Grim-faced Louisiana State Police brass spent much of the morning Monday explaining to the Senate Finance Committee what the latest spending cuts to their department will do to public safety starting July.
Bottom line, they told the Manship School News Service following their testimony, could mean no longer being able to keep the public safe.
House Bill 1, which passed the House 63-40 earlier this month and is now under review by the Senate, reduces state funds to Louisiana State Police some $23 million less than the current fiscal year.
The state Department of Public Safety’s FY18 budget is $450 million in the latest version of HB1. The governor reduced the overall budget by $5.5 million; the Republican-controlled House version of his proposal slashed another $18.5 million.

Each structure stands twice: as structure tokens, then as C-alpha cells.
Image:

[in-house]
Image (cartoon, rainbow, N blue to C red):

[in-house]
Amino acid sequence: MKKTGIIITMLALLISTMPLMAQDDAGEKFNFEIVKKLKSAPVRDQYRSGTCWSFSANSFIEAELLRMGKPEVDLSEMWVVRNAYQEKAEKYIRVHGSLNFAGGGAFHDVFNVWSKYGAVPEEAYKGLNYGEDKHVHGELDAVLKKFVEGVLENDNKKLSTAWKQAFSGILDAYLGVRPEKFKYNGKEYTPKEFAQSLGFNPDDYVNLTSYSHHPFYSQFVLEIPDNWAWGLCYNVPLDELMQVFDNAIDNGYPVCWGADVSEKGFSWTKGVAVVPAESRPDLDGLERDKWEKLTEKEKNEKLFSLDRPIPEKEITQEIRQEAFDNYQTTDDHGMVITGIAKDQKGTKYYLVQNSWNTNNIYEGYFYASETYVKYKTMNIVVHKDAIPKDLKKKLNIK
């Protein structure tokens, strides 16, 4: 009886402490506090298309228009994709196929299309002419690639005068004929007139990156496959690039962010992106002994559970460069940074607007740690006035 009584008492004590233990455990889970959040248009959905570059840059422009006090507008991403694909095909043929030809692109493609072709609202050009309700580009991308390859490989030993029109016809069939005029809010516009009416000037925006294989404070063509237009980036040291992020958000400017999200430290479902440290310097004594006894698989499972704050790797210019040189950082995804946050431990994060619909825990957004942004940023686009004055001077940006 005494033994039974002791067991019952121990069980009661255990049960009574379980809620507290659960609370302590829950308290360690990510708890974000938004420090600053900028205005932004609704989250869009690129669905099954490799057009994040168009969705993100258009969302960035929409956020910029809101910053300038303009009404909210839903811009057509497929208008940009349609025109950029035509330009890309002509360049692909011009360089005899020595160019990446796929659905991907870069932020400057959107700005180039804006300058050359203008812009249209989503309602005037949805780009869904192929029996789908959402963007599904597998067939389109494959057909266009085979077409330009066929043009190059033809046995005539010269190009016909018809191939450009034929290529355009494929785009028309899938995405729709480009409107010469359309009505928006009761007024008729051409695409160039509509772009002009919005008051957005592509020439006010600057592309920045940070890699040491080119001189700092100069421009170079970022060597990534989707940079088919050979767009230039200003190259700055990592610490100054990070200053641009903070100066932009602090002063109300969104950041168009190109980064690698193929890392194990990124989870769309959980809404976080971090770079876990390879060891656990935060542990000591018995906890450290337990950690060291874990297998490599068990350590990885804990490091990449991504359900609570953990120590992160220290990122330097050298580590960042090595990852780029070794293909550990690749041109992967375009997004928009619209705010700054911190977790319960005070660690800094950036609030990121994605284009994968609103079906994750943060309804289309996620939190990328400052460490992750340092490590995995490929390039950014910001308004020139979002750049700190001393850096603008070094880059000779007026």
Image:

The agency worried Monday that the additional $18.5 million reduction would, in the words of LSP Lt. Col. Jason Starnes, head of management and finance division of the state police, put in question whether he and his colleagues can “provide services to the public. Things that we need funding for, we’re not going to be able to spend money on.”
This, he said, includes fleet vehicles, more than half of which are due for replacements, and software technology upgrades. Both have been put off in recent years due to reduced financing.
Starnes also said state police will be forced to reduce overtime, which means fewer troopers on roads to respond to accidents and general crime.
LSP is also anxious about its impending “retirement cliff” — 280 of its 1,700 employees will be eligible for retirement next year — causing major vacancies, said Starnes.